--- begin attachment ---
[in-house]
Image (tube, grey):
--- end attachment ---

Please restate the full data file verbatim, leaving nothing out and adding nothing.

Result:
[in-house]
Image (tube, grey):